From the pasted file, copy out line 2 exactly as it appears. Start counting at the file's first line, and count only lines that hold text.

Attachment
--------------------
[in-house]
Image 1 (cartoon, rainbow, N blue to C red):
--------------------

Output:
Image 1 (cartoon, rainbow, N blue to C red):